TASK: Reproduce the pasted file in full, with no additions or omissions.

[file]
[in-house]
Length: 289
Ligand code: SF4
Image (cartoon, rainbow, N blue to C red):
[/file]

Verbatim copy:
[in-house]
Length: 289
Ligand code: SF4
Image (cartoon, rainbow, N blue to C red):